2013 September Budget & Tax News

Issue Date: 
September, 2013
Newspaper PDF: 

The September issue of Budget & Tax News reports on efforts to rein in crony capitalism in the Community Development Block Grants program in St. Louis. Federal government funds for blight-reducing efforts are divvied up by ward in St. Louis, giving individual alderman great power in determining what projects get funded. Even HUD officials say that opens the program to corruption, nepotism, and other forms of political favoritism.

Also in this issue:

  • In the same week the City of Detroit made national headlines by filing the largest municipal bankruptcy in national history, the City of Chicago made smaller headlines when Moody’s Investors Service announced it had hit the city with a nearly unprecedented triple-downgrade of its credit rating on general obligation bonds.
  • Unrestrained spending--on gifts for tenants, on memorabilia, on failed real estate deals, on its own salaries, and especially on contracts with two firms connected to two former board members--has dissipated the Harris County (Texas) Housing Authority’s fund balances from $37.9 million to $1.6 million. The spending included more than $100,000 on a bronze statue of a winged angel designed by the authority’s CEO at the time.
  • Cigarette tax revenue in Illinois is falling far short of the amount projected last year, state officials say. In May 2012, state legislators approved a $1-per-pack increase in the state’s cigarette tax, nearly doubling it to $1.98 per pack. The tax delivered only $212 million of the expected $350 million for the fiscal year ended June 30.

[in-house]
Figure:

• In 2009, a year after signing the nation’s most lucrative film incentive program, then-Gov. Jennifer Granholm (D) of Michigan touted the jobs it would create. Now a Bureau of Labor Statistics report shows the incentive failed in at least one key aspect of the film industry: post-production work. In the years since Granholm signed the bill allowing the state to offer up to 42 percent reimbursement on money spent by movie producers in Michigan, just seven post-production jobs have been added.
  • Parents of homeschooled children will pay less in property taxes if a novel bill passes in Ohio. Senate Bill 127, which would become effective in 2014, would give homeschoolers a tax credit equal to the proportion of property taxes on their home that fund their local school district.

Newspaper Articles in this Issue